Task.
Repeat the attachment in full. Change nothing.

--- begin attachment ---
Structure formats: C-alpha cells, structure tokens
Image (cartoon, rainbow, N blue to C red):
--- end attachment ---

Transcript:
Structure formats: C-alpha cells, structure tokens
Image (cartoon, rainbow, N blue to C red):